A personal thank you to Kevin Macdonald, Duncan Kenworthy, Jeremy Brock, Channing Tatum, Jamie Bell, Tahar Rahim, Atli Örvarsson, and everyone else who made this movie. I, for one, will hold this film dear to my heart, always. Thank you so, so much. 

17 comments:

Anonymous said...

I found this review very good and straight forward, thanks Director!

-"Bunny slippers"

Georgianna Penn said...

I love big, huge, long movie reviews. Especially when they are on movies I've been DYING to see! ;)

Jake said...

Hmmm...this sounds...intriguing. >_>

Barriss Offee said...

This movie sounds pretty good. Very detailed review!!

-Barriss :-D

Anonymous said...

Can I just say...this was an AWESOME MOVIE!!! :D
'Slippers

Sue Bursztynski said...

I'm a fan of the book, myself, and I'll go to see it when it opens in Australia - whenever that is. (So, why hasn't it opened here yet?) Last year, I bought a copy for my school's library and one of the students read and loved it. In fact, he read the trilogy, ending with "The Lantern Bearers". Another of my students is walking around with his nose buried in it now. We've all been waiting for this movie!

That said, when I saw the trailer and Marcus yells at Esca, "You're still my slave!' I yelled, "No-o-o!"

Anonymous said...

Having read "The Eagle of the Ninth" several times over the last forty odd years, and genuinely having been looking forward to seeing it transferred to the big screen, I have to say the end result was utterly appalling.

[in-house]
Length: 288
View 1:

Anyone who extols this mediocre film has clearly not read, or if they had, not understood the original novel. There was absolutely no need to change any of the story as written by Rosemary Sutcliffe. The novel has been read and loved by millions of people down the years. I suspect the same will not be true of the film.

The actor playing Marcus Aquila would have been hard pressed to inspire anyone to do anything, let alone set off into the wild to recover a lost Roman legion's eagle. He was totally wooden and unbelievable. As for Donald Sutherland, he was utterly wasted. Jamie Bell gave a very creditable performance as Esca.

Read the novel and forget this utterly wretched film. As for the final encounter with the Seal People (which doesn't happen in the novel the way it is shown on the film), what was that supposed to be? Custer's Last Stand transferred to the glens of Caledonia in the second century AD? Rosemary Sutcliffe must be spinning in her grave.

Sue Bursztynski said...

The film hasn't opened here as far as I know. Maybe it's gone straight to DVD? I've only seen the trailer. I've heard that Cottia is left out - not good. I thought the actor playing Marcus looked like a Marcus, and I loved the idea of seeing "Billy Elliott" in an adult role. But I cringed when Marcus yells at Esca, "You're still my slave!" when anyone who's read the novel knows he freed him before they left because he couldn't bring himself to take along someone who didn't have a choice in the matter. So that's not my Marcus.

What chance is there of the original TV series being put on DVD? That was wonderful!

The Director said...

@Sue B.
It must not have ever opened there where you are- bummer! However, it comes out on DVD this month, so yeah ;)